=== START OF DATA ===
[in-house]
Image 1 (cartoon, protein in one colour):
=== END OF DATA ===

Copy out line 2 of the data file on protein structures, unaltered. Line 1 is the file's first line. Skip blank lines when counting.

Image 1 (cartoon, protein in one colour):